In the last week in May, DICE held a hugely successful two-day conference looking at human-wildlife coexistence. Researchers involved in this complex and ever-topical issue travelled from across the country to attend. They were treated to a series of fascinating talks in the Grimond building. Topics ranged from the unborn future generations of America helping to conserve wildlife by representing the absent majority, to the conflicts arising from unpredictably successful reintroduction projects in England. The first day ended with a poster session, which allowed attendees to share and discuss their research while indulging in the fine food and drink provided.
The second day included brilliantly executed talks from DICE PhD students, Lydia Tiller and Valeria Boron. Their research, on elephants and jaguars utilising human-modified environments, stimulated much in-depth discussion. Attendees were also offered the chance to attend one of two workshops. Freya St John’s workshop looked at methods of resolving difficulties when researching illegal hunting. She introduced Randomised Response Technique – an ingenious method of reliably collecting unbiased data when interviewing the very people involved in the illegal activities! The second, equally absorbing workshop was delivered by Nils Bunnefeld, who introduced theoretical frameworks for tackling tricky conservation conflicts.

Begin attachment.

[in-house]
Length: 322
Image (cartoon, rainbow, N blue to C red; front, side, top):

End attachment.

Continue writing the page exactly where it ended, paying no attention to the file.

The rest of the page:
The conference provided information and insight that was useful to all researchers of human-wildlife coexistence, and allowed attendees to reflect on their own work and discuss in detail. Congratulations to Freya, Tatyana and Rachel for pulling it off so successfully!
– Lawrence Sampson